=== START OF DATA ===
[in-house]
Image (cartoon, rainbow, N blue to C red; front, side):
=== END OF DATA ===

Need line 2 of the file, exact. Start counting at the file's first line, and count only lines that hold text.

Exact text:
Image (cartoon, rainbow, N blue to C red; front, side):